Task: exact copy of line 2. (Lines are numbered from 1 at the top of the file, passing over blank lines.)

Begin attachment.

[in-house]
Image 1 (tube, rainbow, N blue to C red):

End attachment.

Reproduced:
Image 1 (tube, rainbow, N blue to C red):